May 7, 2013

Addressing NCDs in the Eastern Caribbean

Jamila Sykes,
Program Manager, GHLI

According to the World Bank, non-communicable diseases (NCDs) account for six of the top 10 leading causes of death in the Eastern Caribbean, quickly replacing infectious diseases as the main cause of mortality in the region. Communities in the Eastern Caribbean have devastatingly poor health outcomes for chronic conditions when compared with the U.S. mainland – making risk factors such as poor diet, physical inactivity and alcohol abuse major contributors to the death toll.

A delegation from the Eastern Caribbean, led by representatives from Trinidad and Tobago, will attend the GHLI Conference in June to focus on strengthening primary health care and to address the growing burden of NCDs in their region.

GHLI staff recently visited partners in Trinidad and Tobago to discuss NCD-related issues that they plan to address at the Conference. The delegation will primarily focus on how improvements to information technology systems in the public health care system that collect data, statistics and information about patients afflicted by NCDs can lead to better policy making around NCD prevention, treatment and care.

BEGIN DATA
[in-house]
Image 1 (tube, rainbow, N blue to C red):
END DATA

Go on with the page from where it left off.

Meetings during our visit to Port of Spain, Trinidad, brought together researchers from the University of West Indies St. Augustine and public health practitioners at the Trinidad and Tobago Ministry of Health.

Trinidad and Tobago’s involvement in the GHLI Conference is a part of a larger effort to address NCDs in the eastern Caribbean: the country is one of four participating in the Eastern Caribbean Health Outcomes Research Network (ECHORN). ECHORN is a community-based prospective cohort study geared towards expanding clinical research with racial/ethnic minority populations across four Eastern Caribbean sites: Trinidad and Tobago, Barbados, the United States Virgin Islands, and Puerto Rico.
The trip was effective in bringing the right parties to the table that have the interest and expertise to tackle the growing challenge of addressing NCDs in the eastern Caribbean. We look forward to continuing the discussion and strategy development at the upcoming GHLI Conference. 

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